Fires in wind turbines, nuclear plants, ships… where next?

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The risk of fire is prevalent across all safety critical and high value assets. People’s lives are endangered, infrastructure damaged and companies’ reputations decimated if the fire fighting systems do not extinguish the fire. A quick news round up of 3 fire incidences highlights the need for better maintenance, inspection and continuous monitoring of both the fixed fire extinguishing system and the room integrity.

1.Looking back to wind turbine fire in shadow of Saga nuclear plant, Japan

A wind turbine at the Kushizaki power plant in Karatsu, Saga Prefecture, is on fire with black smoke pouring out on the afternoon of Aug. 21. (Provided by Junji Ota)

A 60-meter-high wind turbine near a nuclear power plant in northern Kyushu, Japan caught fire on 21st August 2017, posing difficulties for fire-fighting efforts from the danger of falling parts.

A fire department spokesperson said firefighters were unable to shoot water at the flames due to the fear of falling debris.

An official of Tokyo-based JFE Engineering Corp. said the wind turbine is operated by one of its affiliated companies. JFE Engineering said the cause of the fire is under investigation.

The Kushizaki plant in the city’s Chinzeimachikushi district is located about 700 to 800 meters from the Kyushu Electric Power Co.’s Genkai nuclear power plant in Genkai in the same prefecture across the sea.

2.Ineffective Firefighting System and no Room Integrity results in evacuation and total loss of vessel

New Zealand’s Transport Accident Investigation Commission has released its report into the tourist vessel PeeJay V which caught fire and sank because the main firefighting system was ineffective and staff did not fully understand how it should work.

On January 18, 2016, the PeeJay V was on an all-day excursion from Whakatāne out to White Island with 53 passengers and seven crew on board. The PeeJay V was near the end of the journey and approaching the Whakatāne Harbour entrance when fire broke out in the engine room.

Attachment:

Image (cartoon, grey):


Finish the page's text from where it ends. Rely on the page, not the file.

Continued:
The crew released the fixed CO2 fire extinguisher into the engine room, which suppressed the fire for a short time. However, the fire quickly escalated, forcing the skipper to order everyone to abandon the vessel. [sic] The PeeJay V burnt to the waterline and sank. One crew member suffered from smoke inhalation, but otherwise nobody else was seriously injured.[sic]

The Commission also found that the CO2 fire suppression system, which was supposed to work by displacing the air in the engine room with CO2, was not effective in suppressing the fire. This was because air was able to enter the engine room through several openings, including a cable duct that had no means of being closed.[sic]

Three main safety issues identified during the inquiry were:

  • Maritime Rules did not require the PeeJay V to have fire detection or automatic fire alarms installed even though it could carry up to 90 passengers and operate up to 12 nautical miles from the coast.
  • The CO2 fixed fire-fighting system installed in the engine room could not be fully effective in extinguishing the fire because the space it was protecting could not be fully closed down.
  • The builder and operators of the vessel did not fully appreciate the principles of how the CO2 fixed fire-fighting system operated.

Maritime rules did not require the PeeJay V to have fire detection or automatic fire alarms installed even though she could carry up to 90 passengers and operate up to 12 nautical miles from the coast. Maritime New Zealand has agreed to review the maritime rules about fire alarms and remote extinguishers in vessels of this type with enclosed engine spaces. It will also encourage people who design, install and use CO2 fixed fire-fighting systems to fully document and understand how these systems work.

NEWS SOURCE: BY MAREX 2018-01-28 17:08:21

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